Secondly, this lemon loaf post is my 100th post on the blog! How exciting! I’ve brought you 100 recipes so far, shared them with you all. I wanted to make a beautiful Pumpkin Chocolate Ganache cake for the 100th post, but cakes require lots of planning, and this lemon loaf just sort of came to be. These kinds of posts are all over the blog, the “I’ve been meaning to write a post and I just made something really good today, so why don’t I just put it on the blog?!” Either way, I am overdue for a cake recipe, and I am sure the cake I planned on will make an appearance soon. 🙂


This lemon loaf also got some rave reviews, and if you are a Lemon Loaf lover, this recipe is for you! Soft, moist loaf cake with a lemony glaze that is just right. I found the original recipe here, and the original author labelled it as “Better than Starbucks Copycat Lemon Loaf”. Well, I have to say, this lemon loaf is pretty darn good.

This Lemon Loaf is also so easy! It’s a one-bowl recipe, and can be whipped up in no time.

Go make some today! Chances are you have most, if not all, of the ingredients in your pantry!

Ingredients

Yield: 1 loaf

For the loaf:

3 eggs
1 c. sugar
1 c. sour cream or Greek yogurt
½ c. canola or vegetable oil
2 tbsp. lemon zest
1-2 tbsp. lemon extract (I put 2 tbsp.
1½ c. flour
2 tsp. baking powder
½ tsp. salt

For the lemon glaze:

1 c. icing sugar
3 tbsp. lemon juice (or slightly more or less, for consistency)

 

Preheat the oven to 350°F. Grease and flour a loaf pan, or coat with Miracle Cake Release.

In a large mixing bowl, add the eggs, sugar, and sour cream and whisk well until combined. While whisking, drizzle in the oil. Add in the lemon zest and lemon extract (and note that you CAN’T use lemon juice instead of lemon extract in the loaf cake – it will alter the flavour or consistency), and whisk again.

Add in the flour, baking powder and salt, and whisk until just combined. Some lumps in the batter is okay, you just don’t want raw flour that you can see in the batter.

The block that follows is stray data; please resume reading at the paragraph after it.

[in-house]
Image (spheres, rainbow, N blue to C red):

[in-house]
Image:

Pour the batter into the prepared loaf pan and smooth the top.

Bake in the preheated oven for 50-52 minutes, or until top is domed and a toothpick inserted into the center of the loaf comes out clean. I started checking the loaf around 45 minutes.

Remove from oven and allow loaf to cool in pan for 30 minutes before turning onto a wire rack.

Place a piece of parchment paper under the cooling rack, and in a small mixing bowl, whisk together the icing sugar and lemon juice. The more juice you add, the thinner the glaze will be, so don’t add it all in at once. I made a thick glaze that I had to help move across the top of the loaf cake and slowly drizzled down the sides.

Slice and serve. Store in an airtight container at room temperature.

Raspberry Lemon Cookies

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So I had a day off today, and I realized that it has been about two weeks since my last post! I have been so busy these last two weeks, and now that Family Day is here, I get a week off (from subbing at least!). I spent the day not really doing much, but I went to get a haircut, and then just puttered around the house doing some chores/errands, and had a great phone call date with a friend I hadn’t seen or talked to in a few years (yes, years!). But that’s the best thing about my friends – so many of them don’t care when they see me or talk to me, and we pick up as if we last saw each other yesterday. I truly believe in the quality of friendship over the quantity.

As I was scrolling through Pinterest, I found this recipe for Raspberry Lemon cookies. Considering I love all of the above, and I felt like it’s been a while since I have made cookies, these were calling my name. The ingredient list was fairly basic, and the one thing I didn’t have (a lemon) I substituted for plain lemon juice and lemon extract.

The one tip which I will pass along is this: make sure your raspberries are frozen when you put them in the cookie dough. The dough feels quite loose and wet (so much so that I added an extra half cup of flour, which is reflected in the recipe I have posted below), but the frozen raspberries actually solidify the dough quite nicely. Then the cookies are simply dropped onto a cookie sheet, and baked! So simple!
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Ingredients

Yield: 24 cookies

½ c. butter, softened
1 c. sugar
½ tsp. vanilla
1 egg
½ lemon, zest and juice (or, 3 tbsp. lemon juice and ½ tsp. lemon extract)
¼ tsp. salt
¼ tsp. baking powder
1/8 tsp. baking soda
2 c. flour
¾ c. frozen raspberries

Preheat oven to 350°F and line two baking trays with parchment paper or silicone baking mats.

In the bowl of a mixer fitted with the paddle attachment, cream the butter and sugar until light and fluffy. Add in the vanilla, egg, and lemon and cream again.

Add in the salt, baking powder, baking soda, and flour, and mix until combined into a sticky dough. The dough may be looser that most cookie dough – this is okay!

Fold in the frozen raspberries, and immediately drop onto cookie sheets and bake for 14-16 minutes, until the edges and bottoms are just barely golden brown and the tops of the cookies are no longer shiny.

Let cool on the cookie sheet for about five minutes, then transfer to a cooling rack.